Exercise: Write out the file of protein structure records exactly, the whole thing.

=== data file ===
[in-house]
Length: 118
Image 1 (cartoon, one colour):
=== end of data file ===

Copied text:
[in-house]
Length: 118
Image 1 (cartoon, one colour):